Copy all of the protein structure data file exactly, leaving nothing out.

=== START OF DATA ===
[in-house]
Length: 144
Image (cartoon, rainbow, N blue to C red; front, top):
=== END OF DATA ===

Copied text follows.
[in-house]
Length: 144
Image (cartoon, rainbow, N blue to C red; front, top):